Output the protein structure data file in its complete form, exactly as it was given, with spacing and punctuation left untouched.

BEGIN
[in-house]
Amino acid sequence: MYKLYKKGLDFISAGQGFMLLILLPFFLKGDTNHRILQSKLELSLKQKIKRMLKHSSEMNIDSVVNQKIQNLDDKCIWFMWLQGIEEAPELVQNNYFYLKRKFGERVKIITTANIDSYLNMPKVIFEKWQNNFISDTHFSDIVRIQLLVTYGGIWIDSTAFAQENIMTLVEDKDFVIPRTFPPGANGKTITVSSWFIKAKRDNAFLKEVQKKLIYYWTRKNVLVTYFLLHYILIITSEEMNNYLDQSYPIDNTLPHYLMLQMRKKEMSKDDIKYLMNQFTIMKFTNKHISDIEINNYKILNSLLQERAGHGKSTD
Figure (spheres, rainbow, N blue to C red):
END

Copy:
[in-house]
Amino acid sequence: MYKLYKKGLDFISAGQGFMLLILLPFFLKGDTNHRILQSKLELSLKQKIKRMLKHSSEMNIDSVVNQKIQNLDDKCIWFMWLQGIEEAPELVQNNYFYLKRKFGERVKIITTANIDSYLNMPKVIFEKWQNNFISDTHFSDIVRIQLLVTYGGIWIDSTAFAQENIMTLVEDKDFVIPRTFPPGANGKTITVSSWFIKAKRDNAFLKEVQKKLIYYWTRKNVLVTYFLLHYILIITSEEMNNYLDQSYPIDNTLPHYLMLQMRKKEMSKDDIKYLMNQFTIMKFTNKHISDIEINNYKILNSLLQERAGHGKSTD
Figure (spheres, rainbow, N blue to C red):